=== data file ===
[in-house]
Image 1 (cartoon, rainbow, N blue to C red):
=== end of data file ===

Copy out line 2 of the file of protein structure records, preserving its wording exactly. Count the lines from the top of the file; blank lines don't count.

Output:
Image 1 (cartoon, rainbow, N blue to C red):